Artists have always looked at releasing their content officially and continue to do so even through this social media and digital boom because having an establishment release a content officially definitely has more value than a self-release on a social handle. In the days of Indi Pop, the artist’s focus was on being signed on by a record label and those who did not get signed on were left to either give up on their dreams or wait unendingly for an opportunity. Hungama Artist Aloud was set up to give an opportunity for such talent who either did not get signed on to a record label or wanted to do it on their own. Right from the beginning, we believed in the philosophy that an artist knows his / her creativity and hence should be independently allowed to make that creation while we would come in to help them take their content into the world. We played our role of curation by bringing in our years of experience on what is marketable content and accordingly took up the license of the content for distribution with the artist / licensor retaining the copyright. The freedom to create, the distribution spread, the committed team, the marketing services and more are possibly some of the reasons why artists come to us. Finally, I would like to believe that we are transparent and take the effort to treat all artists equally irrespective of how big or new they are.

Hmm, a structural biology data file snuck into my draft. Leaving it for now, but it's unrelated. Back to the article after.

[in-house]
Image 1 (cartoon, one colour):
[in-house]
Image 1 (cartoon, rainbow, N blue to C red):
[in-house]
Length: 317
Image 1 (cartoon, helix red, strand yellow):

How has the role of an aggregator changed and developed over the years?